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Statement at Open Meeting Regarding Application of “Security-Based Swap Dealer” and “Major Security-Based Swap Participant” Definitions to Cross-Border Security-Based Swap Activities

Commissioner Michael S. Piwowar

June 25, 2014

Thank you, Chair White.

I am pleased to support the rulemaking before us today, which would specify how the “Security-Based Swap Dealer” and “Major Security-Based Swap Participant” definitions from Title VII of the Dodd-Frank Act are applied to cross-border security-based swap activities. These two definitions are foundational elements of the Commission’s new regulatory regime governing security-based swaps, specifying which entities will be required to register with the Commission as a result of their security-based swap activities, and thus be subjected to the full set of associated substantive requirements.

Although the Commission previously defined these two terms, it did not adopt rules indicating how the definitions would be applied to cross-border security-based swap activities. Given the global nature of the security-based swap market, today’s rulemaking is critically important to providing market participants with certainty regarding how they will be regulated under Title VII, and thus is a major step forward in our implementation of the over-the-counter (OTC) derivatives regime mandated by the Dodd-Frank Act.

This rulemaking is the result of extraordinary effort by the Commission’s staff, and I want to thank the rulemaking team for their dedication. They were tasked with creating a coherent set of rules based on a nearly unworkable statute. Through their countless hours of hard work, they have presented us with a recommendation that is both consistent with the statute and can be applied in practice by market participants. Getting to this result required a substantial amount of effort in both time and thought, and I know that it involved many late nights, early mornings, and weekends. In addition, staff spent a number of hours sitting in a conference room with me, walking step-by-step through each aspect of the release. That time was extremely valuable in helping me get comfortable with the approach set forth in today’s recommendation, and I appreciate the staff’s willingness to address my many questions and concerns.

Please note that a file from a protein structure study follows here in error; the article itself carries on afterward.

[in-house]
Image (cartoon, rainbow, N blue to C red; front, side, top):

The rules we are adopting today will ensure that our security-based swap dealer and major security-based swap participant regulatory regimes are applied to cross-border security-based swap activities in a clear, consistent, and reasonable way. That outcome sounds easy enough to achieve, and should, in fact, be the result of each rulemaking the Commission undertakes. However, this is a tremendous achievement in the context of the highly complex OTC derivatives market, where global activities developed for decades with little regulation or regard for jurisdictional lines.

At the same time, I recognize that providing clarity regarding the scope of our rules does not necessarily mean that everyone will agree with the lines we have drawn. I would not be surprised if some market participants and foreign regulators question how far we reach across territorial boundaries in certain cases. However, the rules we are voting on today successfully balance the many competing factors that are unavoidable when developing a national regulatory structure for a global market. In particular, these rules fulfill our statutory mandate to regulate the U.S. security-based swap market, while at the same time addressing the sometimes conflicting needs to both protect against evasion of our laws and acknowledge that we cannot — and should not — attempt to regulate the entire globe.